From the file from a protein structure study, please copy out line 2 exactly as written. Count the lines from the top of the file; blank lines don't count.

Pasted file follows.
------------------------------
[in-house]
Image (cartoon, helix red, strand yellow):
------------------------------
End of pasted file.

Image (cartoon, helix red, strand yellow):